United Parcel Service will begin using three large package delivery vehicles powered by hydrogen fuel cells in Ann Arbor, Mich., and two California sites, and officials say the goal is to someday apply the technology throughout its entire fleet, according to a report in the Associated Press on Sept. 3. The Dodge Sprinter trucks are being deployed in Ann Arbor, Mich., Los Angeles and Sacramento, Chris Mahoney, UPS senior vice president for global transportation services, said on September 2. “Shifting away from a fossil-fuel based economy to a hydrogen economy would be a great environmental and technological achievement,” Mahoney said at a Los Angeles news conference, where he was joined by representatives from DaimlerChrysler, the U.S. Environmental Protection Agency, the Department of Energy and the state of California. Atlanta-based UPS was encouraged by results of tests on vehicles using hydrogen fuel cells. Starting in March, DaimlerChrysler provided an “F-Cell,” a fuel cell-powered Mercedes-Benz A-Class car, which UPS modified for early morning package deliveries in southeastern Michigan. The car is fueled daily at the EPA’s hydrogen fueling station at its National Emissions Testing Laboratory in Ann Arbor. “UPS now is jumping from a small fuel cell car to a medium-duty truck. We will continue the rapid application of this technology in hopes that in the near future, we can deploy zero-emission engines across our fleet of 88,000 vehicles,” Mahoney said.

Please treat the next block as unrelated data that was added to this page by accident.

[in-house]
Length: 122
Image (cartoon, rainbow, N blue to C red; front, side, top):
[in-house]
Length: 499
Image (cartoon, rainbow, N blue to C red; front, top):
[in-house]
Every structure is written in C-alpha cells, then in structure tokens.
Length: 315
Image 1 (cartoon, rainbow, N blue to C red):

Originally posted on Fleet Financials